Intrepidjeep, I was merely stating that synthetic oil for that motor is just not cost effective. If you add up the total money spent per quart for synthetic versus regular oil over the life of the engine, you might be surprised at the end result. For instance, let's assume that you will be keeping the vehicle for 300,000 miles and changing the oil every 3,000 miles. That would be a major feat for a Jeep vehicle, but bear with me. A regular quart of Mobil oil goes for around $1.30 at my local auto parts store, whereas a quart of synthetic Mobil 1 goes for $4.99 per quart. We'll also assume you'll be buying 7 quarts of oil for each oil change. I'm guessing for that amount as I've never had a 6 cylinder Jeep. For the duration of 300,000 miles you'll change the oil 100 times, whew! In the end you'll have spent approximately $910.00 (excluding oil filters) on Dino oil. The synthetic will cost $3,493.00 (once again excluding oil filters). The Dino oil is $2,583.00 cheaper than synthetic over the course of 300,000 miles.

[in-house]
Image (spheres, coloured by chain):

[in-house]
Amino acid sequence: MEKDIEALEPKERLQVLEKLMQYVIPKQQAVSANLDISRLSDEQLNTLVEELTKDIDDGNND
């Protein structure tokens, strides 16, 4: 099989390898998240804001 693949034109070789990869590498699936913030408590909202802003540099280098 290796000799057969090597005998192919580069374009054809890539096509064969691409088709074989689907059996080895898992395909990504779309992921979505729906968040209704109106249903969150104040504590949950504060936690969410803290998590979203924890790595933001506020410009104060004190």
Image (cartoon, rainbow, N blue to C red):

At 300,000 miles, the engine on the Jeep will be dead. Synthetic or not. The $2,583.00 can go towards a new engine, or a new Jeep! I realize that no one would actually put the $25.83 into a savings account every oil change, but I think you might see where I'm coming from.
I'm not trying to shoot down everything you said about the benefits of synthetic oil either. Synthetic oil IS a superior lubricant to Dino oil for ALL engines. I just wouldn't put it into an engine that doesn't cost a lot of money to replace, such as the 4 liter inline 6. I agree with most all of what you said, except for lengthening the oil change intervals. The oil (synthetic or not) will still get a build up of impurities in it over the course of it's life. Changing it at shorter intervals keeps the engine from getting a build up of sludge.
2003 Grand Cherokee Overland